As a precious metal of choice for jewelers, gold is worked in thousands of ways. Some of them are very meticulous and knowledgeable. This is particularly the case of gold weaving. Using techniques inherited from the Renaissance era, craftsmen of the most prestigious jewelry houses, with their eyes riveted to a binocular, weave, perforate, knit and engrave gold to give life to incredibly flexible jewelry, almost like textiles. Various “materials” can thus be obtained: grains of rice, honeycombs, woven cords, etc. So many types of gold laces that give the king of metals a fluidity and a movement that one cannot imagine by observing an ingot.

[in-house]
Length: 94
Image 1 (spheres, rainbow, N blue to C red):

The appearance of weavings evolves according to the fashions. Under the Second Empire, in France, weaving became more complex. It was at this time that gourmettes were created, with their tiny links.
Today, especially due to the vertiginous rise in the price of gold, the demand for this type of woven gold jewelry is lower. The major jewelry houses still continue to fiercely defend ancestral know-how that is a priceless source of pride. Techniques such as honeycomb, for example, involve doing everything by hand: drawing on the gold leaf, drilling holes, cutting alveolus. . . And beware not to break the wire, otherwise you’ll go back to square one!
Often, in order to ensure a seamless transmission of their art, renowned jewelers have a workshop in which they internally train their future craftsmen, thus transmitting jealously guarded home secrets.